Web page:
"These permeable silicone beads could be a 'sliced-bread' breakthrough for CO2 capture -- efficient, easy-to-handle, minimal waste, and cheap to make," said Stuart Haszeldine, a professor of carbon capture and storage at the University of Edinburgh, who was not involved in the research. "Durable, safe, and secure capsules containing solvents tailored to diverse applications can place CO2 capture … firmly onto the cost-reduction pathway."

MECS are produced using a double-capillary device in which the flow rates of three fluids -- a carbonate solution combined with a catalyst for enhanced CO2 absorption, a photo-curable silicone that forms the capsule shell, and an aqueous solution -- can be independently controlled.

"Encapsulation allows you to combine the advantages of solid-capture media and liquid-capture media in the same platform," said Lewis. "It is also quite flexible, in that both the core and shell chemistries can be independently modified and optimized."

"This innovative gas separation platform provides large surface areas while eliminating a number of operational issues, including corrosion, evaporative losses, and fouling," said Ah-Hyung (Alissa) Park, the chair in applied climate science and associate professor of Earth and environmental engineering at Columbia University, who was not involved in the research.

Lewis has previously conducted groundbreaking research in the 3-D printing of functional materials, including tissue constructs with embedded vasculature, lithium-ion microbatteries, and ultra-lightweight carbon-fiber epoxy materials.

Funding for the encapsulated liquid carbonates work was provided by the Innovative Materials and Processes for Advanced Carbon Capture Technology program of the U.S. Department of Energy's Advanced Research Projects Agency-Energy.

Story Source:

Harvard University. "Preventing greenhouse gas from entering the atmosphere." ScienceDaily. ScienceDaily, 5 February 2015. .

Wednesday, February 4, 2015

Rivers Might Constitute Just 20 Percent of Continental Water Flowing into Oceans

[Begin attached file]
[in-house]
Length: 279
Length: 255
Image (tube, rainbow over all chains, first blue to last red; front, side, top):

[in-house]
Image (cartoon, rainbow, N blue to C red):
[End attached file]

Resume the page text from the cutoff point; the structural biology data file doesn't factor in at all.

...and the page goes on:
Date: February 2, 2015

Source: University of South Carolina

Summary: The Amazon, Nile and Mississippi are mighty rivers, but they and all their worldwide brethren might be a relative trickle compared with an unseen torrent below the surface. New research shows that rivers might constitute as little as 20 percent of the water that flows yearly into the Atlantic and Indo-Pacific Oceans from the continents. The rest flows through what is termed the 'subterranean estuary,' which some researchers think supply the lion's share of terrestrial nutrients to the oceans.

Professor emeritus Willard Moore was elected this year as a Fellow of the American Association for the Advancement of Science, which is among the oldest scientific societies in America and is the publisher of the journal Science.

In recently published research, Moore was part of a team that used observed concentrations of radium-228 to model the global distribution of the radionuclide between 60 degrees South and 70 degrees North latitude. [Image adapted from Geophysical Research Letters]

If you think rivers are what send terrestrial rainfall back into the oceans, you don't know the half of it. And that fraction keeps shrinking. According to new research, it might be that only one-fifth of the water flowing from the continents into the Atlantic and Indo-Pacific Oceans runs through overland channels of water. And just as surprising, a vast amount flows into the land from the ocean.

University of South Carolina professor Willard Moore is part of an international team that recently estimated how much of the water flowing into the oceans comes not from surface rivers, creeks and streams, but instead from what he has termed the "subterranean estuary." For two decades, Moore has drawn attention to the oft-overlooked flow and exchange of ocean and groundwater in the permeable layers of rock and sediment, a process that occurs both near the coastline and extending out on the continental shelf. But the roots of his work in the field go back even further in his 50-year scientific career.

Developing the Tools of the Trade

Soon after earning a doctorate at the State University of New York at Stony Brook, Moore began working in the early 1970s as a civilian in the Naval Oceanographic Office, then located in Maryland. The task at hand was to study deep ocean processes, and one of the best tools for doing that was to measure the amounts of certain naturally occurring radioactive elements dissolved in the seawater at different locations and depths.

"There's a little bit of uranium and thorium in all rocks, and as those elements decay, they produce a whole string of different elements, which themselves are radioactive," Moore says. "So say a rock is in seawater and the uranium decays to thorium and then it decays to radium. Well, the radium is much more soluble than the other components, so it can go into solution in the seawater. There are very few ways to remove it naturally, except by radioactive decay."